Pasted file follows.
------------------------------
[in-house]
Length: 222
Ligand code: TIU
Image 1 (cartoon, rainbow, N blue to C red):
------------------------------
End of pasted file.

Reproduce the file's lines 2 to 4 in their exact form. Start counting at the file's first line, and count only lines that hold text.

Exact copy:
Length: 222
Ligand code: TIU
Image 1 (cartoon, rainbow, N blue to C red):